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Striking Back

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There used to be a time when an "It's a Sony" used to end all TV purchase arguments, but of late, their neighbours from across the Sea of Japan have pulled out all the stops to take the lead in the LCD/LED TV market. Does the 2012 HX850 series, specifically the 46HX850 unit I've looked at, do enough for Sony to regain its mojo?
It certainly ticks of the first impressions box pretty comprehensively. A single sheet of Edge-to-edge Gorilla Glass — the same durable glass that's found in the top smartphones today — topped off with a thin sliver of silver trim around the edge gives the TV a sleek and streamlined look, and the well-weighted plastic stand does well to support the TV yet allow a stable left-right swivel. The clean look means that there is no integrated camera or a microphone, which means none of that gimmicky gesture or voice control I've seen recently. It also means you'll need to pay more for mic/camera if you want to use Skype.
Around the rear of the cabinet are the HX850's numerous inputs and output connections - two HDMI ports, two USB ports, an RGB (PC) video input, and 3.5mm PC audio in and out jacks all face sideways for easy access, while the composite and component AV jacks and a connector for an optional external speaker stand are face the rear. A cable/antenna port, an Ethernet port, an optical audio output, and two additional HDMI ports round out an impressive list of connections, but some of these can be quite a challenge to get to if the TV is wall-mounted.
The remote is rather standard Sony stuff, but is light and comfortable to hold. No backlight on the buttons though, so it can be a fumble to operate in the dark, and there's no 3D button to navigate to the 3D settings directly, you'll need to wade through the menu system for that.
It's a good thing then that one is distracted by how good the picture quality gets on this TV, and Sony's X-Reality Pro image processing produces stunning natural colors and excellent contrast levels. Dark scenes look better than any edge-lit LED TV and are getting remarkable close to plasma levels. Picture quality is detailed and sharp and 3D, for those of you who care for it, shows satisfactory depth, but you'll have to cough up even more money for 3D glasses. Audio quality is respectable, given the poor quality I've seen on a number of TVs these days, and it will meet the needs of most. 
Like the competition, the TV features built-in Wi-Fi and wired Internet connectivity and gives you one-touch access to watch a host of video websites such as BigFlix, Sony, STAR, DailyMotion, not to forget on-screen widgets which let you stream your Facebook and Twitter feeds discretely on one side of your TV screen. But what excited me the most was the fact that the Opera TV App Store has made its way onto the TV, which lets you download a ton of TV-optimised apps and games — really shows the way forward for app adoption on TVs.
All in all, Sony's pushed out a competent TV that does justice to the content you throw at it, but having to pay more for accessories that really should have been part of the bundle is a downer for sure. It's a competent offering in the market, but it will take more than the odd brilliant TV to turn their ship around and tackle the Korean onslaught.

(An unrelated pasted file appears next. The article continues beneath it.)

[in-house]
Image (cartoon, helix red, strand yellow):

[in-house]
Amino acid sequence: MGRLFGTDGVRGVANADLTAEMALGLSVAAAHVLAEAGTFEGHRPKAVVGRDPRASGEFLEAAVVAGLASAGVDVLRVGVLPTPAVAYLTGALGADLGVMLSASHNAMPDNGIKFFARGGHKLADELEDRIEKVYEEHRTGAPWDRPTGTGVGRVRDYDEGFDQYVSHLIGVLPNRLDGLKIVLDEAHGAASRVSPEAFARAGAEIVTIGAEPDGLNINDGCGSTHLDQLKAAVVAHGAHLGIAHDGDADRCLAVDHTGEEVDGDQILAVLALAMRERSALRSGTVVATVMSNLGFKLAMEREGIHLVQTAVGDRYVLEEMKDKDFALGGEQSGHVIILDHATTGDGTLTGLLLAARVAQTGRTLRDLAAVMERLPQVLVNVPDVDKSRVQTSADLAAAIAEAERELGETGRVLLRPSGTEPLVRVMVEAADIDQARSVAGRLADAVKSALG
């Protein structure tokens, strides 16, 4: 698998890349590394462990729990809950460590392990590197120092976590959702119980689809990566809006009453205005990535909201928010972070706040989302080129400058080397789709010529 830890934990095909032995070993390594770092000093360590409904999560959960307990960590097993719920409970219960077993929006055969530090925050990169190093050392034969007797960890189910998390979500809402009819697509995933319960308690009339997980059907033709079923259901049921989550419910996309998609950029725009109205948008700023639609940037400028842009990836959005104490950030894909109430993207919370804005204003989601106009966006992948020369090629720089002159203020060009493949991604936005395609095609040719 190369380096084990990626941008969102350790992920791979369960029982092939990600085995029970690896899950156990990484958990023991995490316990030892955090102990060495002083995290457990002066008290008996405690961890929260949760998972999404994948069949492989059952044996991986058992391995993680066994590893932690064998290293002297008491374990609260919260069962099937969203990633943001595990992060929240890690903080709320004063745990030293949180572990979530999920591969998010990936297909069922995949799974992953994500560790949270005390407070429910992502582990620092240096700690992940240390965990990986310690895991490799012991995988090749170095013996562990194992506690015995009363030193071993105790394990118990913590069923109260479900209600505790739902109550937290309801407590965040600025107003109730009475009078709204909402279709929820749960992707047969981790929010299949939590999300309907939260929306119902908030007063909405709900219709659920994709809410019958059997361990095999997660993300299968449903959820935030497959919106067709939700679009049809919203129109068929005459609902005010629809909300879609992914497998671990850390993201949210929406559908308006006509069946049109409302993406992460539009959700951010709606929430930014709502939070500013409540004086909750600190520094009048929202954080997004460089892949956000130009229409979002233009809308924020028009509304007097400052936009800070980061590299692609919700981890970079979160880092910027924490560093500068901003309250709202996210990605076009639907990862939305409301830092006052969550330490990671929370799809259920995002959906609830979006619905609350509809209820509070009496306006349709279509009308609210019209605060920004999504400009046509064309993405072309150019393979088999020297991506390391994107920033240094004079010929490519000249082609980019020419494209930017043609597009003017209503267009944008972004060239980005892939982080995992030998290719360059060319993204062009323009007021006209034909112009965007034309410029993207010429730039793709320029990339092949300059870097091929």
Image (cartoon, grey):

Rating: 8/10
Price: Rs 1,23,900 for the 46-inch variant
Desirable Choice
Till recently, you could either get a capable smartphone or you could pick a dual-SIM device, but not both, and I longed for a dual-SIM device that did not make any compromises. Well, following on the heels of the Desire V dual-GSM phone comes the HTC Desire VC, the 'C' referring to the CDMA network capability in addition to its GSM SIM. Much like HTC's current range, it runs Android 4.0 with HTC's mature Sense 4.0 user interface. Specs are mid-range - a single core 1 GHz Cortex-A5 processor and 512 MB of memory — and so you're paying a bit of a premium for the dual-SIM capabilities at this price. Internal storage is limited at 4GB, but you have the option of adding in SD card storage or taking HTC up on the free 25GB of Dropbox cloud storage offer, which is valid for 2 years.
Using the device is a breeze thanks to its 480x800 pixel 4.0 inch touch screen, and the while it packed to the gills on the connectivity front, it is worth mentioning that it does not support 3G on the GSM connection, which leaves you with only the CDMA connection if you're looking for high-speed data.

Price: Rs 23,300
Guilt Free Goodness
Fried food without the guilt. Has Philips made the perfect kitchen gadget or is it just hype? If you look past the hype, the Philips AirFryer is basically a convection oven for your kitchen counter top. Sitting above the tray which houses your food is a heating element not unlike the kind you'll find in your electric oven. What Philips does different is that they use a big fan above this heating element to blows superheated air onto your feed - up to 200 degrees and for up to 30 minutes.
Now while the cookbooks suggest everything from quiches to fries are fair game for the AirFryer, results are mixed. Fries work great, as do roast potatoes, but breaded food items… not so much. You'll have to experiment a fair bit to get your estimates right with this. And of course, French fries afficanados will point out that the taste doesn't match up to deep-fried fries. It also takes up a lot of room on the kitchen counter, and it is pricey!
Rating: 7/10
Price: Rs14,995

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